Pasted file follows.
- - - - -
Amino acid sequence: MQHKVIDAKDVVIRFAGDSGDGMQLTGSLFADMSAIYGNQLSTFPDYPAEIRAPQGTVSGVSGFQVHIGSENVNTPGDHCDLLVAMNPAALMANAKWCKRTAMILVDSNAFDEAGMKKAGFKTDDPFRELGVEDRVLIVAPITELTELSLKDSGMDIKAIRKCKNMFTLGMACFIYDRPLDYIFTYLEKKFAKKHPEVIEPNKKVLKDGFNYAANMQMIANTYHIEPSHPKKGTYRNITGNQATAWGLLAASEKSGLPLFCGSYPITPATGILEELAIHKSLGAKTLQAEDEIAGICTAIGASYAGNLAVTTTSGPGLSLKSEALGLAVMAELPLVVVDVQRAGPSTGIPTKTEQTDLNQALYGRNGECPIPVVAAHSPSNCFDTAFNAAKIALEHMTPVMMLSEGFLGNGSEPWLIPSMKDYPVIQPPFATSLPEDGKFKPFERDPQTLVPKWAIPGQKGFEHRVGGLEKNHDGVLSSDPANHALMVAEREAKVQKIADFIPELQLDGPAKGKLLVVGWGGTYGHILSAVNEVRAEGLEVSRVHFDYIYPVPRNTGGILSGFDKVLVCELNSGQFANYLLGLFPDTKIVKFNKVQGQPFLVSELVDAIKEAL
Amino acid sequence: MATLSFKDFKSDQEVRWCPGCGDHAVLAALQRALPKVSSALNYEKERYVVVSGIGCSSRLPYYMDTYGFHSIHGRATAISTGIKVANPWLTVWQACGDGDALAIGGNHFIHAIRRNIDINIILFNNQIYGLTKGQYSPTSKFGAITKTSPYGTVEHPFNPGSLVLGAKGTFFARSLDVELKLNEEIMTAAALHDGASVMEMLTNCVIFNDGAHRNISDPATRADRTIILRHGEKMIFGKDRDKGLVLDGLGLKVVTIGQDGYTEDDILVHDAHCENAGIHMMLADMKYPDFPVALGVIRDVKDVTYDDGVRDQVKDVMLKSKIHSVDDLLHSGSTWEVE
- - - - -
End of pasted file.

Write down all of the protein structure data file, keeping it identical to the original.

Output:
Amino acid sequence: MQHKVIDAKDVVIRFAGDSGDGMQLTGSLFADMSAIYGNQLSTFPDYPAEIRAPQGTVSGVSGFQVHIGSENVNTPGDHCDLLVAMNPAALMANAKWCKRTAMILVDSNAFDEAGMKKAGFKTDDPFRELGVEDRVLIVAPITELTELSLKDSGMDIKAIRKCKNMFTLGMACFIYDRPLDYIFTYLEKKFAKKHPEVIEPNKKVLKDGFNYAANMQMIANTYHIEPSHPKKGTYRNITGNQATAWGLLAASEKSGLPLFCGSYPITPATGILEELAIHKSLGAKTLQAEDEIAGICTAIGASYAGNLAVTTTSGPGLSLKSEALGLAVMAELPLVVVDVQRAGPSTGIPTKTEQTDLNQALYGRNGECPIPVVAAHSPSNCFDTAFNAAKIALEHMTPVMMLSEGFLGNGSEPWLIPSMKDYPVIQPPFATSLPEDGKFKPFERDPQTLVPKWAIPGQKGFEHRVGGLEKNHDGVLSSDPANHALMVAEREAKVQKIADFIPELQLDGPAKGKLLVVGWGGTYGHILSAVNEVRAEGLEVSRVHFDYIYPVPRNTGGILSGFDKVLVCELNSGQFANYLLGLFPDTKIVKFNKVQGQPFLVSELVDAIKEAL
Amino acid sequence: MATLSFKDFKSDQEVRWCPGCGDHAVLAALQRALPKVSSALNYEKERYVVVSGIGCSSRLPYYMDTYGFHSIHGRATAISTGIKVANPWLTVWQACGDGDALAIGGNHFIHAIRRNIDINIILFNNQIYGLTKGQYSPTSKFGAITKTSPYGTVEHPFNPGSLVLGAKGTFFARSLDVELKLNEEIMTAAALHDGASVMEMLTNCVIFNDGAHRNISDPATRADRTIILRHGEKMIFGKDRDKGLVLDGLGLKVVTIGQDGYTEDDILVHDAHCENAGIHMMLADMKYPDFPVALGVIRDVKDVTYDDGVRDQVKDVMLKSKIHSVDDLLHSGSTWEVE